Male rats exhibit higher oxidative protein damage than females of the same chronological age


Kayali R., Cakatay U. , Tekeli F.

MECHANISMS OF AGEING AND DEVELOPMENT, cilt.128, ss.365-369, 2007 (SCI İndekslerine Giren Dergi) identifier identifier identifier

  • Cilt numarası: 128
  • Basım Tarihi: 2007
  • Doi Numarası: 10.1016/j.mad.2007.03.003
  • Dergi Adı: MECHANISMS OF AGEING AND DEVELOPMENT
  • Sayfa Sayıları: ss.365-369

Özet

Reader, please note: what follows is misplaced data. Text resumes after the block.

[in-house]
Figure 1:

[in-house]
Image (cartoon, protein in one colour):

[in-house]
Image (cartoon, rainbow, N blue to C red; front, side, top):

The basis of the difference in life expectancy between males and females is still unknown. Previous studies have provided compelling evidence for the presence of oxidized proteins, and lipids in advanced human atherosclerotic lesions. The gender factor responsible for such protein oxidation is unknown and controversial. Our aim was to reveal the difference between protein oxidation parameters of male and female rats of the same chronological age to understand the protein oxidation mechanisms enabling females live longer than males. In the current study, we investigated the relation between protein hydroperoxide levels (P-OOH) and other protein oxidation parameters such as protein carbonyl (PCO), total thiol (T-SH), advanced oxidation protein products (AOPP), and nitrotyrosine (NT). Our study also covered other oxidative stress parameters such as lipid hydroperoxides (L-OOH), and superoxide dismutase (SOD) activity in the plasma of male and female aged rats. Plasma P-OOH and AOPP levels of male rats were significantly higher compared with those of the female rats. T-SH levels were significantly lower in the aged male rats compared with those of the female rats. On the other hand, PCO, NT, and L-OOH levels, and SOD activity were all found to be not different. These data support the hypothesis that elevated levels of P-OOH and AOPP contribute to the extent of protein, but not lipid, oxidation in plasma of aged male rats. Furthermore, the results presented here may also rationalize studies, which have shown that protein oxidation is modulated on the basis of gender dependency. (c) 2007 Elsevier Ireland Ltd. All rights reserved.